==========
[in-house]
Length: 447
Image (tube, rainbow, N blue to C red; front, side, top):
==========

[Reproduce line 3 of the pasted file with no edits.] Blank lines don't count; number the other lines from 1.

Image (tube, rainbow, N blue to C red; front, side, top):